Scambodia, uncovered

Visitors and expats alike have many a tale of being hoodwinked in the Kingdom of Wonder. Whilst the Siem Reap milk scam, the Filipino blackjack shysters and an army of Chinese fake monks fill the forums and travel blogs, it seems like every man and his pig is in the business of relieving white folk of their hard earned dollar bills.

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The hidden gems of Toul Sleng

Between the main expat hubs of BKK1 and Russian Market there is the Toul Sleng area – a neighbourhood with a diverse mix of Khmer, Vietnamese and barang inhabitants. There, you’ll find a handful of underrated and unknown restaurants and cafes. Mostly, they are family-run establishments serving homemade fare to ardent regulars.

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Restaurant review: Armand’s revisited

In a city where food options abound and where restaurants and cafes open and close almost daily, it takes something special to keep doing the same thing year after year and remain successful. Focusing on developing a good formula that people like, and being renowned for consistent quality is a recipe for success. It’s something Phnom Penh institution Armand’s has been doing for years. And long may it continue.

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The motodop and me: a Cambodian adventure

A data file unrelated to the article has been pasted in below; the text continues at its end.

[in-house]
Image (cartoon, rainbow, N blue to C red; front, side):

Visal is my motodop, providing daily transportation on the back of his motorbike to and from my job because I am too terror-stricken to drive myself in Phnom Penh’s traffic. I pay Visal $60 at the beginning of every month to shuttle me in the morning and back in the afternoon, a rate which works out to $1.50 one way. Visal persuasively explained that it would be better for him to get paid monthly so that he could get work done on his bike.

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Restaurant Review: Discovering Khmer food at Malis

It’s a constant refrain on both Khmer440 and pretty much any guidebook you care to mention: Khmer food really isn’t up to much, especially when compared to that of its neighbours in Thailand and Vietnam. It’s a terrible admission but in the two years or more I’ve been living in Phnom Penh, I’ve never bothered trying local cuisine.

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Off the rails in Cambodia; two Brits and the role played by the British Embassy

There are few in the expat community here who haven’t heard a thing two about Nick Mclernan, 40, and Martin Gates, 24: Singlet Senior and Singlet Junior, Beavis and Butthead, Dumb and Dumber — half the city seems to have an opinion. For those that don’t know of this seedy morality tale of things gone awry in the Kingdom of Wonder, it focuses on the plight of two British men, McLernan and Gates, and strikes at the very heart of just what duties and responsibilities an Embassy has towards its citizens abroad.

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